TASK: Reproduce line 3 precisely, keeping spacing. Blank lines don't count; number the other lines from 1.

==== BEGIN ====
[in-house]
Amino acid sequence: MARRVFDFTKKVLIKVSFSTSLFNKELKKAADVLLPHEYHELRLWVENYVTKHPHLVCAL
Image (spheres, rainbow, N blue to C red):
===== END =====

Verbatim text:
Image (spheres, rainbow, N blue to C red):